According to Wikipedia and io9, Zipf's law can be applied to "big cities" and agglomerates of big cities (e.g. San Francisco and Oakland). More specifically, according to the Wikipedia article, the power law fits with a factor of 1.07:

When Zipf's law is checked for cities, a better fit has been found with b = 1.07; i.e. the n-th largest settlement is 1/(n^1.07) the size of the largest settlement

A similar fact is stated (without reference) in this Nature Scientific Report.

However, I have yet to find any example where this law works in European cities. Here are some examples:

  • Belgium: Largest city has 1,019,022 inhabitants. According to the law, the three subsequent cities should have 485,379 , 314,531 and 231,195 people. This respectively corresponds to a 6%, 23% and 15% difference between the expected value and actual value.

  • France: largest city is Paris with 2,229,621 inhabitants. The Zipf's power law is off by 24%, 37% and 10% with respects to reality.

  • Germany: Berlin has 3,426,354 inhabitants. Zipf's power law is off by 7%, 17% and 20% for the three following cities.

  • Italy: Rome's population 2,318,895. Zipf with 1.07 factor is off by 11%, 25% and 40%.

Out of curiosity I have also checked it out for Mexico and it fails drastically as well: Mexico city has about four million people and the following four cities in population size are all about 1.5 million people. However, it does seem to somewhat work for the largest US cities.

Is there any evidence this law indeed works for the population of European cities? Subsequently, how about for other "big cities"?

  • I haven't checked the other countries yet, but for the Belgium cities if you take a value in between the actual reported population and the population of the Larger Urban Zone it fits better. There may be some sort of area or population density factor taken into consideration. Commented Apr 9, 2016 at 18:18
  • Perhaps the problem with Europe is that national borders are fairly arbitrary. Try your computations using natural barriers instead.
    – jamesqf
    Commented Apr 9, 2016 at 20:13
  • @jamesqf, but aren't the borders of the biggest cities in the US also arbitrary?
    – ChrisR
    Commented Apr 9, 2016 at 22:06
  • 2
    @jamesqf. Europe is arguably the only continent where national borders are not arbitrary. They follow ethno-linguistic borders fairly precisely.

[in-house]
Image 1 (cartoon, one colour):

– fdb
    Commented Apr 10, 2016 at 14:01
  • 1
    It also doenst fit (at first glance, without doing the math) when you look at european agglomerations: de.wikipedia.org/wiki/Agglomeration#Deutschland_2
    – mart
    Commented Apr 13, 2016 at 9:45

1 Answer 1


The observation that the population of the cities in any given country is inversely proportional to their rank was made, long before Zipf, by the physicist Felix Auerbach in his article “Das Gesetz der Bevölkerungskonzentration”, Petermanns Mitteilungen 59, 1913, pp. 74-76. Here Auerbach compiled lists of the largest cites in Germany, France, Italy, Britain, the US, and British India and observed that the product of the population of any city times its rank in the list is a constant, which is different in each country. However, he noted that this is not true of the largest half dozen or so cities, but only of the middle ranking and smaller cities.

I have not found this article on the internet, but I read it in our university library. Zipf does not credit Auerbach for this discovery in any of his publications, but this presumably has its own reason: Zipf was a notorious Nazi sympathiser; Auerbach was a Jew.

  • Do you have any source confirming that Zipf was a "notorious Nazi sympathizer?"
    – ChrisR
    Commented Apr 10, 2016 at 18:00
  • 2
    You can download his terrible book “National Unity and Disunity: the Nation as a bio-social organism”, Bloomington 1941 here: babel.hathitrust.org/cgi/…
    – fdb
    Commented Apr 10, 2016 at 18:11
  • Look for "Hitler" and "Jews" in the index.
    – fdb
    Commented Apr 10, 2016 at 18:13
  • Zipf probably didn't credit Auerbach because Zipf's law relates to frequency of words in books. And Auerbach did not research frequency of words in books. It is only later that people realize that Zipf's law is applicable to lots of other things like the frequency of digits in a list of numbers (any list, literally, from your grocery shopping receipt to list of GDP of all countries in the world) to the frequency of first names in a population
    – slebetman
    Commented Apr 12, 2016 at 9:14
  • @slebetman. In the book that I mentioned Zipf discusses the size of cities in great detail, without crediting Auerbach. Have a look at the book.
    – fdb
    Commented Apr 12, 2016 at 9:49

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